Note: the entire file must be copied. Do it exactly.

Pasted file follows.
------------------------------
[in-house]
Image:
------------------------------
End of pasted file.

[in-house]
Image: